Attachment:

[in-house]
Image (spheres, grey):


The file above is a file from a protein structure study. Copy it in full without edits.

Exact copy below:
[in-house]
Image (spheres, grey):